But even with Larson’s natural appeal, the film would ultimately fail if her character arc didn’t keep us hooked.
Here, the film plays its second trick: it gives us more information than it gives Carol.
This keeps us rooting for her to figure out more clues so she can ultimately solve her own mystery and become the person we know she’s capable of being. Our payoff isn’t in getting a specific answer to the mystery, but in seeing a fractured whole restored.
But this storytelling tactic also carries a risk.
There’s a fine line between giving the audience enough information so that we’re eagerly anticipating what the protagonist will do when she catches up to us vs. giving us so much information that it makes the hero seem less capable for not being able to figure things out as fast as they were handed to us. (Think of any mystery you solve before the onscreen detective does. If the story’s payoff is structured solely around that big logical reveal, the ending fails.)
Captain Marvel solves this problem by creating a new mystery with every question it answers.
Vers doesn’t recognize the mentor she sees when she communes with the Supreme Intelligence? Well, we can guess who it is… but now we’re wondering how they got into that dangerous situation in the memory she does see.
The Skrulls are extracting more of Vers’s memories and we’re seeing that she’s actually a human, not a Kree? Well, we can guess what that means… but now we’re wondering why the Skrulls were really after the coordinates she saw in that one particular memory.
In addition to making Carol the detective of her own mystery, she also attracts several friends who help the screenwriters solve their other big storytelling problem: how do you make the audience worry about a character who’s essentially invulnerable? The answer, as Lois Lane and Jimmy Olsen long ago demonstrated to Superman fans, is to give her very mortal sidekicks whose fates we really do have to worry about.
Here, a younger and more laid-back Nick Fury (Samuel L. Jackson), Carol’s best friend and rival pilot Maria (Lashana Lynch), and Maria’s daughter Monica Rambeau (Akira Akbar) — whom comic fans strongly suspect will grow up to become a hero all her own in the next phase of the MCU — each provide Carol with ample opportunities for buddy comedy and emotional catharsis.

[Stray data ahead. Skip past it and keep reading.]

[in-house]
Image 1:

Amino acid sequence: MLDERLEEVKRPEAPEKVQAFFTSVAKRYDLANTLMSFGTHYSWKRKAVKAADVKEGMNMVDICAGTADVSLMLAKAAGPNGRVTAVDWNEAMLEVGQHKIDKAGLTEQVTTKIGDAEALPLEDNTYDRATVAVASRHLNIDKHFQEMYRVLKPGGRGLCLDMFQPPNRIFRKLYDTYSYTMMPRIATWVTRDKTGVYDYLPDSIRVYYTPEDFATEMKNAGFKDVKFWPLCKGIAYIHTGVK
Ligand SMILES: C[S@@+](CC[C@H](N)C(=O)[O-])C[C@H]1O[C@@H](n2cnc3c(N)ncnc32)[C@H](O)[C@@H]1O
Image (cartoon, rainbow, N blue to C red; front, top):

They also give the audience a chance to fret over what’s going to happen next, since we’re pretty sure Carol will emerge from this story unscathed but we can’t necessarily say the same thing for her friends, her cat, or Fury’s eye.
But the characters we actually wind up worrying about the most are the ones we expect to care about the least — and that’s part of Captain Marvel‘s most crucial twist.
Level Three: The Themes
Quick: what do you learn about Captain Marvel in its first act that’s still true by the end?
Is Vers really a Kree warrior?
Is the Kree-Skrull war really a noble battle between warring empires?
Are Carol’s emotions really her biggest problem?
The film’s first act does a lot of heavy lifting in terms of establishing the narrative and building character. But its most impressive feat is that nearly everything we learn in the first 20 minutes is a lie. And by putting us inside Carol’s POV, we get to experience the impact of each lie as she unravels it. This not only helps us empathize with her, but it also serves the film’s most important purpose:
Captain Marvel asks us to question what WE believe, and why.
At first, this is done subtly by subverting expected storytelling tropes.
For example, by first introducing us to the Kree Starforce and making us worry about their wellbeing during a dangerous offworld mission, we’re automatically on their side because the movie tells us we should be.
Later, when we find out the reasons for the Kree-Skrull war are very different from what we’ve initially been told, we struggle to recontextualize everything we’ve seen up to this point and reconsider that the villains may actually be the victims.
This leads to Carol’s ultimate breakthrough, when she finally corrects the false memories that have been implanted in her mind and remembers who she really is, how she really acquired her powers, and who’s responsible — and this forces us to accept that what we’ve been told she (and we) should want is actually false.
It’s fitting that Marvel’s first stand-alone female film, which coincides with the era of #MeToo and #TimesUp, stars a character whose arc revolves around redefining herself on her own terms after years of being literally defined by the expectations of others.
But Captain Marvel also wrestles with another hot button issue of our time: fake news.